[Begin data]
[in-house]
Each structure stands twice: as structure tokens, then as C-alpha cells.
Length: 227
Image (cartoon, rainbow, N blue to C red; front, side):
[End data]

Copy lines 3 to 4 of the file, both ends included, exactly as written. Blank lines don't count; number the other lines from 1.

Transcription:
Length: 227
Image (cartoon, rainbow, N blue to C red; front, side):